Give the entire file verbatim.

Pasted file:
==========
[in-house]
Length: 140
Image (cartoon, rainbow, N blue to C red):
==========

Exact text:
[in-house]
Length: 140
Image (cartoon, rainbow, N blue to C red):